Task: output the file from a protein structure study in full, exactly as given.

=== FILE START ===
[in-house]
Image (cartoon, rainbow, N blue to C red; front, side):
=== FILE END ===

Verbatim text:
[in-house]
Image (cartoon, rainbow, N blue to C red; front, side):